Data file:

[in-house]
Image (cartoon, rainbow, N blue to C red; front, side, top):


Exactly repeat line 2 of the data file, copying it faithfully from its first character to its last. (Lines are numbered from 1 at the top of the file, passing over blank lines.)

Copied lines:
Image (cartoon, rainbow, N blue to C red; front, side, top):